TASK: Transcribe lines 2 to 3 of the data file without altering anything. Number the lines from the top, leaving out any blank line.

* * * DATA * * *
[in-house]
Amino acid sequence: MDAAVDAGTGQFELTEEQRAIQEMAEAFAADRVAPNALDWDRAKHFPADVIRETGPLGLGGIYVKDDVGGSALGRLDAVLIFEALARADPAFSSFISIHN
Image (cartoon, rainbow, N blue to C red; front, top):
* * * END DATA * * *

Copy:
Amino acid sequence: MDAAVDAGTGQFELTEEQRAIQEMAEAFAADRVAPNALDWDRAKHFPADVIRETGPLGLGGIYVKDDVGGSALGRLDAVLIFEALARADPAFSSFISIHN
Image (cartoon, rainbow, N blue to C red; front, top):